Tax Reforms and Tax Compliance among Small and Medium Enterprises in Nyeri County, Kenya.
Mathenge, Eric Muceke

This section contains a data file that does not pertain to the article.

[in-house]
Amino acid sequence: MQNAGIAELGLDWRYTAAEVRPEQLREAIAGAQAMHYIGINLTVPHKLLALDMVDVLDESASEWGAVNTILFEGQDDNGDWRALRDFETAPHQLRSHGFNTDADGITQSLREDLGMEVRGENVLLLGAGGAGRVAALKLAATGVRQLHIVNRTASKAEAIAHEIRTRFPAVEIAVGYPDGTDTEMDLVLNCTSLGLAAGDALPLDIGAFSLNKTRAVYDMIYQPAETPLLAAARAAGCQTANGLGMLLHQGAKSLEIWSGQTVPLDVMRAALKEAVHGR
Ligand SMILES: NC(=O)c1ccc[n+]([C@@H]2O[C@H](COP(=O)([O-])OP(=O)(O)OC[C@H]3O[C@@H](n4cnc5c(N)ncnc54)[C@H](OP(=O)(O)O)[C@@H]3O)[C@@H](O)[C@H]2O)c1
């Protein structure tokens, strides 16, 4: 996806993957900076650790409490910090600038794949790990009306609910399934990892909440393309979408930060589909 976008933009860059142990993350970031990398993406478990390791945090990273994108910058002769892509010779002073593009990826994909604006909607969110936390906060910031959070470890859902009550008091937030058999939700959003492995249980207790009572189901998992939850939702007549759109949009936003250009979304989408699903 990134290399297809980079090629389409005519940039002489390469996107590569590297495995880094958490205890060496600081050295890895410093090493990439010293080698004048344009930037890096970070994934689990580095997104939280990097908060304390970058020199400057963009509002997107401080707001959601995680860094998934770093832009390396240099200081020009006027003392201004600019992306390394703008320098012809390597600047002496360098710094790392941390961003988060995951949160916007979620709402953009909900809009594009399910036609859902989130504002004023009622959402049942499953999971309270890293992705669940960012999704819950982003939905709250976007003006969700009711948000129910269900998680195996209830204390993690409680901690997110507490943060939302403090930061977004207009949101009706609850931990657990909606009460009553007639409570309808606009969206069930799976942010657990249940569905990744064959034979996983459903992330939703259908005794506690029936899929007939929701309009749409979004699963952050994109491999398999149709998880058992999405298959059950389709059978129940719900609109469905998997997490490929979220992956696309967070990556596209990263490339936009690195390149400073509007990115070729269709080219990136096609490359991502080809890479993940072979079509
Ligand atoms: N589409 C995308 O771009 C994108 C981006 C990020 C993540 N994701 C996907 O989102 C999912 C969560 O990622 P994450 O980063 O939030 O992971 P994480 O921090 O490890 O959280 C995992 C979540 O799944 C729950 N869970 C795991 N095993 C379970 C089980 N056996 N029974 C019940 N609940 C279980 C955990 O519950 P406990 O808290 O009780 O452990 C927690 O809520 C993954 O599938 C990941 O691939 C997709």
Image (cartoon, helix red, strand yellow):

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Kenya has had to contend with a consistent imbalance between government revenue and expenditure resulting in large and chronic fiscal deficits. High level of non-compliance by SMEs has continued to deprive the economy the much needed revenue to fill the persistent tax gap. Through a wide range of reforms, the government of Kenya has tried to include SMEs into the tax net. However, compliance among SMEs still remains low. This study sought to determine the effect of tax reforms on tax compliance among SMEs in Nyeri County, Kenya. Specifically, the determined the effect of administrative reforms, technological reforms and policy reforms on compliance among SMEs. The study was premised on the Fiscal Exchange Theory, the Economic Deterrence Theory and the Optimal Theory of Taxation. A descriptive survey research design was adopted. The study considered a ten year period from 2009/2010 to 2018/2019 when a wide range of tax reforms had been instituted by the revenue authority with a view to address numerous compliance shortcomings. The target population was made up of 891 SMEs registered and licensed by the County Government of Nyeri. Proportionate stratified random sampling technique was applied to select a sample of 95 respondents who comprised of SME owners. The study used both primary and secondary data. A semi structured questionnaire was used to collect primary data and was administered through the drop and pick method. Secondary data was gathered from the SMEs books of accounts and records as well as data from Kenya Revenue Authority. Validity of the instrument was tested through expert opinion and pretesting. Reliability was tested using Cronbach Alpha Reliability analysis. The Croncbach’s alpha coefficient stood at 0.793 which indicated a high level of internal consistency of the instrument. Data was analysed using descriptive and inferential statistics. Inferential analysis tools used included the Pearson Correlation Analysis and Multiple Regression Analysis. The regression analysis results provided evidence that all the tax reforms variables; administrative tax reforms, policy tax reforms, and technological tax reforms have a positive and statistically significant effect on tax compliance. The coefficient for administrative tax reforms (β=0.901, p=0.017) shows that administrative tax reforms has a statistically significant effect on tax compliance. The coefficient for policy tax reforms (β=0.801, p=0.002) indicated that policy tax reforms has a statistically significant effect on tax compliance. The coefficient for technological tax reforms (β=0.890, p=0.001) indicates that technological tax reforms has a statistically significant effect on tax compliance. The results of Pearson correlation analysis indicated that administrative tax reforms (r=0.780, p=0.002), policy tax reforms (r=0.603, p=0.001), and technological tax reforms (r=0.704, p=0.011) have a strong positive and statistically significant relationship with tax compliance. The study recommends enhanced adoption and implementation of tax reforms, and particularly the administrative tax reforms which were found to be inadequately entrenched yet had the potential to shape the tax compliance levels of SMEs. The study recommends more regular financial literacy trainings and taxpayer education forums to ensure accurate of financial reporting and timely remittance of tax dues by SMEs. Further, the Kenya Revenue Authority should increase taxpayers’ support desks established to ensure SMEs are well assisted on tax matters. In addition, the study recommends the establishment of more satellite technical centres to assist SMEs in complying. Finally, the study recommends that KRA carries out more regular tax audits to ensure SMEs comply with tax requirements.